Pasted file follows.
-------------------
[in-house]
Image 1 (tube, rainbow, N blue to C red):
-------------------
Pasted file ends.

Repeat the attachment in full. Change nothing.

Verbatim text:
[in-house]
Image 1 (tube, rainbow, N blue to C red):